10 top pet tips for serving up delicious food
Presentation of your pet’s food is actually pretty important, particularly where cats are concerned. The presentation of food can be a reason why your pet won’t eat their lovingly prepared dinner, leaving you concerned or frustrated.
Here are ten pet tips about how to serve your pet’s main course. Whether these are to the standards of The Ivy is a different matter, but give it a try:
Ten pet tips for serving up food
- Feed puppies and kittens from shallow, wide bowls or saucers.
- Cats prefer to eat from wide shallow bowls as these don’t squash their whiskers while eating. Cats use their whiskers to judge ‘width’ of spaces e.g. can they sneak through that narrow gap to get away from the street bully. They do not like having their whiskers interfered with.
- Some cats prefer metal or ceramic bowls over plastic ones, as the plastics can give off a certain smell they dislike. Saying that, some cats and dogs don’t like the clinking noise stainless steel bowls can make when their collar tags hit the bowl whilst they’re eating. Adjust the bowl accordingly.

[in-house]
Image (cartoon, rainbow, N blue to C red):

- For elderly or poor-sighted pets, use shallow wide bowls that are non-slip. Keep them in the same place so they know where to find their food and water.
- Fresh water should be available at all times, but without ice!
- Clean food bowls daily. Hard crusted food not only encourages bacterial growth but also will put some pets off eating. Most metal and some of the ceramic ones can go in the dishwasher – yay.
- Feeding and drinking bowls should not be placed near a cat’s litter tray or toileting area. They dislike this terribly and quite often will not eat. Well – would you?
- Most dogs and cats do not like food that is cold. If you keep opened food in the fridge remove it, and warm to room temperature first.
- In warm weather remove uneaten food pronto. I had an incident last summer where I left the remainder of my own cat’s food out for about 30 minutes. To my horror a fly had already laid its eggs in there, cue little tiny baby maggots all over it. It was foul and sooo not chic.
- Use the feeding guides provided on the packaging of your chosen pet food regarding how much to feed. Always measure it out (do not guess). If they are over or under weight, feed the amount for what they ‘should’ weigh, not what they actually do.
And finally, a nifty piece of information regarding fussy eaters… with pet food you get what you pay for quite frankly. The cheaper, lower end brands will use different ingredients in different batches. For example, one batch may contain chicken, the next pork. It depends which ingredients are cheaper to source and use at the time of manufacturing… This is an explanation for a pet ‘suddenly going off’ their food. The more expensive and premium brands use fixed ingredients, which don’t change.
My advice is to feed the best diet you can afford.
By Annaliese Morgan